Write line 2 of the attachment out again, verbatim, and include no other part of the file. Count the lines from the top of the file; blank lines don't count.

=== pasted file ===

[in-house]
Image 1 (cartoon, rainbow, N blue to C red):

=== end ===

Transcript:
Image 1 (cartoon, rainbow, N blue to C red):